The Modesto and Turlock irrigation districts were late to joining the VAs as well, with an agreement ironed out last fall. With the San Francisco Public Utilities Commission, the two districts have been challenging the 2018 update in court, arguing it would redirect supplies from their communities without recognizable benefits. According to Melissa Williams, public affairs manager for the Modesto Irrigation District, the VAs discussion has been running in parallel to the lawsuit. Signing on to the MOU was “a big step” and gave the districts access to the smaller work groups that are finalizing the details on the VAs.

“Hopefully this will be adopted and provide some certainty to our communities and improvements to the [Tuolumne] River,” Williams told Agri-Pulse. “We're going to continue with our lawsuits in parallel until we have an ironclad voluntary agreement.”

Their agreement would incorporate strategically timed flows, habitat restoration and science and governance to improve river conditions.

An early partner in the VAs, the Metropolitan Water District of Southern California is the nation’s largest supplier of treated water, serving 26 cities and 19 million people.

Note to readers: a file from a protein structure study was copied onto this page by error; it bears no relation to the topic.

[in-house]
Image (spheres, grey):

“We've always felt some sort of habitat planning—where you'd look at the entire Delta, not species-by-species—is the best way to go,” said Jeffrey Kightlinger, who recently retired as a longtime general manager at Metropolitan.

Prior to the VAs, the district sought a 50-year habitat plan but the fishery agencies felt “there just was so much biological uncertainty.” Metropolitan’s search for a substitute led to the VAs, which lacked the legal restrictions but still prioritized the ecosystem benefits.

Kightlinger is optimistic the work groups will soon hammer out the final details for the VAs and present the complete package to the board “in a matter of months.” He noted that Metropolitan has a track record of success with such habitat plans for the Colorado River basins and other watersheds.

“For both ag and urban, stability is really important for us for planning purposes,” he explained to Agri-Pulse. “It's in both our interests to put up the money to try and build some stability into the system.”